Rough justice for Scotland's poorest
Scotland’s criminal justice system punishes poorer people and makes it difficult for them to escape poverty, new research suggests.
People who live in extreme poverty are more likely to be both the victims - and perpetrators - of crime, experts say.
Same crime, different outcome
Household poverty is identified as an exacerbating factor that increases the likelihood of young people offending. This is the case even when a range of other risk factors have been taken into account, the School of Law study found.
Poorer young people who commit an offence are twice as likely to get in trouble with the police compared with better off children who carry out the same crime.
They are also around five times more likely to be placed on statutory supervision than their better-off counterparts
Poverty, girls and violence
The study also identified gender as one of the most powerful predictors of violence, with boys being three times more likely than girls on average to engage in violent acts.
Living in poverty increases the likelihood of violence amongst both boys and girls, but the effect is far more powerful for girls.
Girls from poorer backgrounds are twice as likely as girls from more affluent households to be involved in violent crime, the authors say. This is the case even after other factors - such as truancy, substance abuse and poor parental supervision - are taken into account.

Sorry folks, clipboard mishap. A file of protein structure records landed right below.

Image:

Our findings highlight a very destructive dynamic – poverty increases the risks of violence. Contact with juvenile justice system increases the risks associated with poverty. As a result, contact with the very agencies meant to stop offending is inadvertently reproducing the conditions in which violence can flourish.
Edinburgh Study of Youth Transitions and Crime
The findings from the Edinburgh Study of Youth Transitions and Crime, by the University of Edinburgh’s School of Law, are published in the latest edition of the Scottish Justice Matters journal.
The study has tracked 4300 young people in Edinburgh since 1998 to better understand changes in their behaviour and lifestyles. It has been funded by the Economic and Social Research Council, the Nuffield Foundation and the Scottish Government.
Deprived communities hardest hit
A study by the Applied Quantitative Methods Network (AQMeN) Research Centre - also based at the School of Lawl - suggests that victims experiencing the most crime continue to be within the most deprived communities, despite the overall fall in crime rates.
Half of the communities with the highest crime rates are found in the top 20 per cent of areas with the highest levels of chronic health problems, the report shows.
A third of the communities with the highest rates of crime are in the top 20 per cent of areas with the highest levels of unemployment.
The findings are important as they suggest that crime tends to be highly concentrated amongst poor people and within poor neighbourhoods, and this has not changed despite crime being at its lowest level for decades. This raises important questions about whether inequality is being adequately tackled by the Scottish Government.